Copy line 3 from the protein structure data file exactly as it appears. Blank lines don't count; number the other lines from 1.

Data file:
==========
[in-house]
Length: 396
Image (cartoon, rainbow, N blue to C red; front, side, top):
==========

Image (cartoon, rainbow, N blue to C red; front, side, top):